Helena Schrader's Historical Fiction

Dr. Helena P. Schrader is the author of 24 historical fiction and non-fiction works and the winner of more than 53 literary accolades. More than 34,000 copies of her books have been sold. For a complete list of her books and awards see: http://helenapschrader.com

For readers tired of clichés and cartoons, award-winning novelist Helena P. Schrader offers nuanced insight into historical events and figures based on sound research and an understanding of human nature. Her complex and engaging characters bring history back to life as a means to better understand ourselves.

Friday, January 15, 2021

The Battle of Britain: Claims and Counter-Claims













Over the years much has been made of the “exaggerated” claims made by the RAF during the Battle of Britain — far too much.

It is the nature of all aerial dog-fighting that it is very fast, brief and confused. Pilots were flying at the extreme limits of their physical capabilities and the limits of their machines (instances of aircraft breaking up and pilots being killed by the force of gravity alone are documented). Under the circumstances it was difficult to get in more than a quick “squirt” of fire. Usually one or both aircraft took violent evasive action after an exchange of fire.

If seconds later the fighter pilot saw an enemy aircraft crashing, then it was an easy mistake to think it was the one he had just shot at. The larger the number of aircraft involved, the more likely it was that several pilots fired at the same target. The result was multiple claims made for the same downed aircraft. Thus, on September 15, when the Big Wings of 12 Group were engaged over London, the RAF claimed 185 enemy aircraft shot down when, in fact, Luftwaffe lost only 56 air. In fact, it was on this day that no less than 9 pilots put in claims for the same Dornier.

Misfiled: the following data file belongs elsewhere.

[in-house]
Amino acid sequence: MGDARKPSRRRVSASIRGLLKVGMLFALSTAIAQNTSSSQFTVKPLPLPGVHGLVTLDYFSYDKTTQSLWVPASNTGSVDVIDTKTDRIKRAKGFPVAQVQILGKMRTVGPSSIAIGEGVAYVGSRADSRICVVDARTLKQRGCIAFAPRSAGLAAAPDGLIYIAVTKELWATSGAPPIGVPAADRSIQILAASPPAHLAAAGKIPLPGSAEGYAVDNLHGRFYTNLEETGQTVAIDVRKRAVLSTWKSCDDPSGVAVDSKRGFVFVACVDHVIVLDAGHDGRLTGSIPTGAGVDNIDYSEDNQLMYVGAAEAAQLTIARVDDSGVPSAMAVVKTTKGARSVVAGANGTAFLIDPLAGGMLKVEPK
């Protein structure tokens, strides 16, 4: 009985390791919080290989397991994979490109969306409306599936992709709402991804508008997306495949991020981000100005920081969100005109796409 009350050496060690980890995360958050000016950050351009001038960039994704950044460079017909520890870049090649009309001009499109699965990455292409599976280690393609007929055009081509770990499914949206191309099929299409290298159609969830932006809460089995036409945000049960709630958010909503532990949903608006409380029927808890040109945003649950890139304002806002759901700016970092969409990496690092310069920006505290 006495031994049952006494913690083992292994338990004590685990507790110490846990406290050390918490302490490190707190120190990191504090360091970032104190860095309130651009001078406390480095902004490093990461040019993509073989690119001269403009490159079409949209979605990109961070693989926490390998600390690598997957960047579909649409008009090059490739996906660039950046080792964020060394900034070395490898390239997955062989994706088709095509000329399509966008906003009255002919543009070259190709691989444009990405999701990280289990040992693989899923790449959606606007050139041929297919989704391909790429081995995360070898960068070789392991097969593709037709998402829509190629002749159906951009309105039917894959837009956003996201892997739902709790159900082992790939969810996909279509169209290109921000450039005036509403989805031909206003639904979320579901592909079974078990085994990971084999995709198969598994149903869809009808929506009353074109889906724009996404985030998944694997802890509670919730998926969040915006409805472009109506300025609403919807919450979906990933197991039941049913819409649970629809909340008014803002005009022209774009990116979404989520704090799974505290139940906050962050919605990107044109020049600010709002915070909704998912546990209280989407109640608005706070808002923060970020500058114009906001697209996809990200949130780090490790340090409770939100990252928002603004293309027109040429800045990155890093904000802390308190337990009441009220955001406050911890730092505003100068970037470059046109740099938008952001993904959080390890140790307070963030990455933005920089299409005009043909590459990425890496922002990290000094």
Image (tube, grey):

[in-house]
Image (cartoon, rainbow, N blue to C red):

The key problem at the time was that claims were made to squadron intelligence officers by excited young men (the pilots were generally between 18 and 22 years old) immediately after combat. The squadron intelligence officers usually weeded out the duplications and contradictions and implausible claims put in by their own pilots, but squadron intelligence officers did not compare notes between squadrons. Instead, squadron claims were simply added up, and so the above kind of multiple claims for the same aircraft crept into the official figures.

At the time, however, British morale benefited from these exaggerated claims, and no one had any particular interest in double checking much less correcting the filed claims. The bottom line is that the British shooting down more German aircraft than they were losing — even if by a far lower margin than claimed. Ultimately, that was all that mattered because it was enough. The RAF entered the Battle of Britain as the under-dog, and it won the Battle of Britain against all the odds. 

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